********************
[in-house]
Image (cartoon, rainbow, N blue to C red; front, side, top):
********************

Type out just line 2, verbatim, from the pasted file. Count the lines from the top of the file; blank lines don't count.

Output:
Image (cartoon, rainbow, N blue to C red; front, side, top):